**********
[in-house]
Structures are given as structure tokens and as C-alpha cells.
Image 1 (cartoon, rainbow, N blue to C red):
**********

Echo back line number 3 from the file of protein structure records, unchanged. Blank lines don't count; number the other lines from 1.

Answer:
Image 1 (cartoon, rainbow, N blue to C red):